Financial services company Fedgroup has launched a direct-ownership investment model that enables investors to buy a physical asset and benefit regularly from the returns on that asset via an online platform.
While the model can be applied to many assets, the investment offered first is a solar electricity generation product. Investors can buy panels that are installed on buildings and receive monthly returns from the rental of the panels.
The model is the result of a collaboration between Fedgroup and financial technology company GreenSheep Ventures.
Direct ownership of assets and benefiting from the returns on those assets is not a new concept. In this model, buying the asset and receiving the income the asset generates is done through an online platform using financial technology.
“Technology allows for simplification, and as a result, reduced fees. It also allows for complete transparency, which means the asset owner knows exactly how their assets are performing in near-real-time,” Grant Field, the chief executive of Fedgroup, says.
An investor buys one or more solar panels that are installed on a building – an office complex, for example. One of the first buildings earmarked for an installation is the Cresta Junction office park in Gauteng, with a further 50 buildings lined up.
A solar panel costs R5 200, including VAT and fees, and you can choose the building where you want to buy a panel. Panels can be bought via the online platform on Fedgroup’s website. There is a monthly platform fee of R3.42 per panel (including VAT).
You buy the panel and become the legal owner of the panel. Once 70 percent of the panels for a particular building have been sold, the solar facility is installed. Fedgroup, in collaboration with GreenSheep, manages the facility. Before the installation goes ahead, the money received for panels that have been purchased is held in a trust account earning the prevailing interest rate – currently five percent. If the 70-percent threshold is not reached, investors will get their funds back with interest.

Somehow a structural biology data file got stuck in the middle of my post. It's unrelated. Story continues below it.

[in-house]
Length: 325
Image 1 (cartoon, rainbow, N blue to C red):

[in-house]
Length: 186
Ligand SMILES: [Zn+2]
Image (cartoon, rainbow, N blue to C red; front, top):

The solar facility is rented to the owner of the building. The actual rental income is based on how much electricity the facility generates. Income is collected by Fedgroup and distributed monthly to you if it exceeds R300. Income under this amount is placed in the trust account and earns interest. In this way, bank charges are kept to a minimum, Field says.
Each panel has a unique serial number, and you can see online exactly how much electricity your panel is generating.
A pilot project indicated that panel owners can expect a return of an estimated 11 percent a year over the 20-year lifespan of the project, after costs have been taken into account.
If you want to sell your panel within the 20 years, Field says, a secondary market will be available next year, where existing and first-time buyers will be able to buy panels. Existing owners will, however, be alerted first if panels are for sale.
There are some risks that will be outside your control as an investor:
• The panels will generate less electricity on overcast and rainy days. However, South Africa is generally a sunny country.
• Damage to the panels is a risk, but Fedgroup will insure against such damage, and the panels come with performance warranties. No excess is applicable in the case of a claim.
• The non-payment of rental by landlords is another risk. However, during the selection process, landlords are carefully evaluated for creditworthiness. “FedGroup, in association with GreenSheep, performs due diligence on project sites, validating the creditworthiness of the prospective landlord. In the event of repeated non-payment, FedGroup will assist the solar asset owner in instituting legal recovery proceedings on their behalf, but this will be at the asset owner’s expense,” Field says.
• You also need to be aware that direct ownership is not regulated by the Financial Services Board (FSB). “The FSB governs investments in traditional models and financial services products. Here, the consumer purchases and becomes the legal owner of an incomegenerating asset. Therefore, the legislative framework that regulates financial services does not apply,” Field says.